An Insulate Britain protester who has been on hunger strike in prison for 13 days is being given hospital treatment, the group has said.
Emma Smart, 44 from Weymouth in Dorset, is serving a four-month jail sentence for breaching a government injunction designed to prevent blockades along England’s road network.
Upon sentencing, Smart immediately vowed to stop eating until the government moves to insulate the UK’s homes.
Emma, who has today been in prison on hunger strike for 13 days, was moved out of her cell onto the hospital wing at HMP Bronzefield on Friday. The prison is becoming increasingly concerned about her health. #insulatebritian pic.twitter.com/86LQet9kig
— Insulate Britain (@InsulateLove) November 29, 2021
The group are calling for better insulation of UK homes to help tackle the climate crisis and blocked motorways, the Port of Dover and roads outside Parliament as part of their campaign – with some demonstrators gluing themselves to the tarmac.
On Friday she was moved to the hospital wing at HMP Bronzefield in Ashford, Surrey.
In a statement released by Insulate Britain, Smart said: “The window of my cell in the hospital wing is blocked up and there is little natural light, in my previous cell I could see the birds and trees that line the prison fence.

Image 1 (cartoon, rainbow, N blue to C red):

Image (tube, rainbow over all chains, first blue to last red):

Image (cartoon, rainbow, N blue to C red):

“I have less time to go outside in the prison yard for exercise now.
“All of this is testing my resolve to continue, but I feel that not eating is the only thing I can do from prison to draw attention to those who will have to make the choice between heating and eating this winter.”
Members of the environmental group – an offshoot of Extinction Rebellion – including Smart’s husband, Andy Smith, will stage a 24-hour fast outside Downing Street in solidarity with her.
Mr Smith, 45, told the PA news agency his wife was feeling “a bit weak but she’s still in good spirits”, adding she had been relocated to the hospital wing so that prison staff could more easily monitor her health.
He said: “I think a hunger strike is about 80% mental (strength) so as long as she’s doing OK mentally I think she’ll probably continue on her hunger strike until the government make a meaningful statement as to whether they’re going to insulate the homes of Britain or not.”
Nine members of Insulate Britain appeared at the High Court on 17 November after they admitted breaching an injunction by taking part in a blockade at junction 25 of the M25 during the morning rush hour on 8 October.
Each was given a sentence of between three and six months and ordered to pay £5,000 costs.
The family of Oliver Rock, who was jailed for four months, have raised more than £8,500 to cover his rent while he is in prison, while a separate crowdfunder for the rest of the activists in prison has topped £10,000.
A further nine members of the group will appear at the High Court on 14 December to face charges of contempt of court.